Sleep deprivation and brain acetylcholine

Science. 1966 Sep 16;153(3742):1416-7. doi: 10.1126/science.153.3742.1416.


Rats deprived of D-state sleep (and, to some extent, of slow-wave sleep) for 96 hours show a significant fall in brain acetylcholine in the telencephalon; there were no significant changes in the diencephalon and brain stem. Restraint stress and activity wheel stress produced no significant change in acetylcholine levels in any of these regions; the telencephalic response to sleep deprivation, therefore, cannot be attributed to nonspecific stress. The effects of D-state deprivation and the psychoactive anticholinergic drugs on telencephalic acetylcholine levels are similar.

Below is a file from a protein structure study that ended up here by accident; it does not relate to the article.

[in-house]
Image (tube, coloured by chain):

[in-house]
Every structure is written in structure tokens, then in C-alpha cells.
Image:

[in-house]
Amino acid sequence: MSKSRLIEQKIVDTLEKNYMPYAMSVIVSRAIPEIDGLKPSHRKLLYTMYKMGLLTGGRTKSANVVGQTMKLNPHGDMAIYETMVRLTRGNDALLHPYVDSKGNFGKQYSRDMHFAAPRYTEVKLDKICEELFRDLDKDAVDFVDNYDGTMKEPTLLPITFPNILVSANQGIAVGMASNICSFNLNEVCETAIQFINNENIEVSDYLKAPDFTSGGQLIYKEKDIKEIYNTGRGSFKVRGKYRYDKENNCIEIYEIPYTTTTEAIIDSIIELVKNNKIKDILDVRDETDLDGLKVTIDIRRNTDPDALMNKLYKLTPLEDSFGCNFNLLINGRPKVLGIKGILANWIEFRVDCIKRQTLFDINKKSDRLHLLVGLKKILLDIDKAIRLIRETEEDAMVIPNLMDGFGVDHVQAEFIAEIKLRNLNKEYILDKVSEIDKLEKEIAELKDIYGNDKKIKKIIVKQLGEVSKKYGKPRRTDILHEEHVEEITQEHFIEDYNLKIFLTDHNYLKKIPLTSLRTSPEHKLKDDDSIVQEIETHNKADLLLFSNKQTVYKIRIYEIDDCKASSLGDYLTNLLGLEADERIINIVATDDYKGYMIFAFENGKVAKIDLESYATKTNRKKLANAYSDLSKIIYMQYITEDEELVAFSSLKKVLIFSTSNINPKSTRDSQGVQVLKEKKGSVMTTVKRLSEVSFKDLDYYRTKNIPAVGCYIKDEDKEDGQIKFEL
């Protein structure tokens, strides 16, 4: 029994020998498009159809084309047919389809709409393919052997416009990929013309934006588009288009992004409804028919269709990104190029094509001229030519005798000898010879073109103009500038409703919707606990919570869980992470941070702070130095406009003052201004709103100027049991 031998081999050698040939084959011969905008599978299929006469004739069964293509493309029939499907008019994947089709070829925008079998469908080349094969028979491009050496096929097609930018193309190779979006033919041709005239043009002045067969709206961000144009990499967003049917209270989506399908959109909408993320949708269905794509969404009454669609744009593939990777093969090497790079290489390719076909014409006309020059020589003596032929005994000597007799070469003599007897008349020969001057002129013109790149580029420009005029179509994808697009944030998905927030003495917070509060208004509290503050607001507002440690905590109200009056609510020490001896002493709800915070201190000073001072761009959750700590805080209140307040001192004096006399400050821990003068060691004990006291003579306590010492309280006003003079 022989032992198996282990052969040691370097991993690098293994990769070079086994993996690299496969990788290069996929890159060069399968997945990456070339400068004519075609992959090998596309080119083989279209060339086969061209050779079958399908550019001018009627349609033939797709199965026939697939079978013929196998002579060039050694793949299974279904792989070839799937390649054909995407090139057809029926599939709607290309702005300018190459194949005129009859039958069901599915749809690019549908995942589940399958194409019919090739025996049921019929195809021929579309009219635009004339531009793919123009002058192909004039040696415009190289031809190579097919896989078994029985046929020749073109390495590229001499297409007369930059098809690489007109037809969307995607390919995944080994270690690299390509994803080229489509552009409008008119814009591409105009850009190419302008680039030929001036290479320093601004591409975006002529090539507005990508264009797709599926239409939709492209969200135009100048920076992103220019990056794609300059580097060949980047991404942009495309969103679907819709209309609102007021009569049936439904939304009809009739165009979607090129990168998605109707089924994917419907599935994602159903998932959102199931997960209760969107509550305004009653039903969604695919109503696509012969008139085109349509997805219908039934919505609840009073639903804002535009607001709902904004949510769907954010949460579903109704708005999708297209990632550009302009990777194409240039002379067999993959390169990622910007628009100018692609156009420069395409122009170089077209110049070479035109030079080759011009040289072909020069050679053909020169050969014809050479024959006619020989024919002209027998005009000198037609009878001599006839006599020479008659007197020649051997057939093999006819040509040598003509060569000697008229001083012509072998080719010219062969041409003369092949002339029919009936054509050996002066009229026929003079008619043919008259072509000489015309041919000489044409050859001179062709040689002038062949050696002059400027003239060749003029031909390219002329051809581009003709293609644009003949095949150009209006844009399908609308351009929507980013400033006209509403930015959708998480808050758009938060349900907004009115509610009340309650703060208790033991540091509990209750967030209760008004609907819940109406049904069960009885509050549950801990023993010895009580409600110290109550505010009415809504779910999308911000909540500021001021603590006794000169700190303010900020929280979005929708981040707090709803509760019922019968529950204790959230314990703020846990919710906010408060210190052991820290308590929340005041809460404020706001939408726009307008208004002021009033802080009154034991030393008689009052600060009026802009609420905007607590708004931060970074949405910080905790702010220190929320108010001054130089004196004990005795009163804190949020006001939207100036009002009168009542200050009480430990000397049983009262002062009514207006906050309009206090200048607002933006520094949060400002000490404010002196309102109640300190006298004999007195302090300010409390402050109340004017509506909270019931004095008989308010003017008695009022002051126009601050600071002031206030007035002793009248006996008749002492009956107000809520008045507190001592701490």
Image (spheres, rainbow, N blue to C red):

MeSH terms

  • Acetylcholine / metabolism*
  • Animals
  • Brain Chemistry*
  • Male
  • Rats
  • Sleep*
  • Stress, Physiological*
  • Telencephalon / metabolism*


  • Acetylcholine